The science of Platelet Rich Plasma (PRP) therapy is still relatively new to the world of orthopedics. As such, there are many studies being performed that test the application of the plasma platelets in various clinical settings. In the rush to show how beneficial PRP applications can be in surgery, only sometimes is there research to show that PRP can be just as effective outside of surgery. Unfortunately, PRP is being studied more as an adjunct to surgery instead of as an alternative to surgery.
Platelet-Rich Plasma (PRP) in Surgery
Recently we posted an article about “ultra-octogenarian” and stem cell injection therapy – showing research suggesting age may not play a role in healing using Comprehensive Prolotherapy. In this PRP research study, doctors sought to determine if patients deemed too old for a specific surgery could get that surgery if blood platelets were introduced into the equation.
Examining PRP’s ability to accelerate healing in Microfracture surgery for articular cartilage repair in elderly patients
Knowing that people under 40 benefit most from microfracture, researchers set out to find how they could extend the age of patients who benefit from this surgery. Here is the gist of the study:
“The aim of this study was the first to report the results regarding the PRP as an adjunct for arthroscopic microfracture in the early osteoarthritic knee with cartilage lesion over 40 years of age.
Forty-nine (49) patients who underwent arthroscopic microfracture for cartilage lesion sized less than 4 cm(2) with early osteoarthritis, aged 40-50 years, were enrolled and randomly divided into 2 groups: a control group with only arthroscopic microfracture (25 patients) and a study group with arthroscopic microfracture and PRP (24 patients). . .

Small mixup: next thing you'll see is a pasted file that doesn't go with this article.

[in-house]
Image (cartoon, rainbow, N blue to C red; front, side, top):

In the postoperative 2 years, clinical results showed significantly better in the study group than in the control group. In post-arthroscopic finding, hardness and elasticity degree was better in the study group. The PRP injection with arthroscopic microfracture would be improved the results in early osteoarthritic knee with cartilage lesion in 40-50 years old, and the indication of this technique could be extended to 50 years.1 This research is cited in numerous studies.2
Therefore, if Platelet Rich Plasma Therapy is included in the surgery, it makes the surgery work better for older patients. Studies suggest that PRP can extend the effectiveness in the older patient in cartilage repair as documented by this study’s discussion of stronger, harder, more elastic soft tissue (cartilage.)
1. Lee GW, Son JH, Kim JD, Jung GH. Is platelet-rich plasma able to enhance the results of arthroscopic microfracture in early osteoarthritis and cartilage lesion over 40 years of age? Eur J Orthop Surg Traumatol. 2012 Jul 5. [Epub ahead of print]
2. Marmotti A, Rossi R, Castoldi F, Roveda E, Michielon G, Peretti GM. PRP and articular cartilage: a clinical update. Biomed Res Int. 2015;2015:542502. doi: 10.1155/2015/542502. Epub 2015 May 5.